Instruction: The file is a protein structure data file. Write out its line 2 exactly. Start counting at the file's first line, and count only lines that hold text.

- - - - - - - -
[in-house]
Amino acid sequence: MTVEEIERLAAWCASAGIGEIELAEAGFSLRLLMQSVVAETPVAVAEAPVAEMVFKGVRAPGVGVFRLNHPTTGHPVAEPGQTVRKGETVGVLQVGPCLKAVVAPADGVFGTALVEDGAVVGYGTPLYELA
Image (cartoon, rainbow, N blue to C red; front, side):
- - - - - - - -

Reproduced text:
Amino acid sequence: MTVEEIERLAAWCASAGIGEIELAEAGFSLRLLMQSVVAETPVAVAEAPVAEMVFKGVRAPGVGVFRLNHPTTGHPVAEPGQTVRKGETVGVLQVGPCLKAVVAPADGVFGTALVEDGAVVGYGTPLYELA